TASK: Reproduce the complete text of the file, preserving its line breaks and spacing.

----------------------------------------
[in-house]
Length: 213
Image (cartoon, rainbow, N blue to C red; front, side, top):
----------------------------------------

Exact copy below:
[in-house]
Length: 213
Image (cartoon, rainbow, N blue to C red; front, side, top):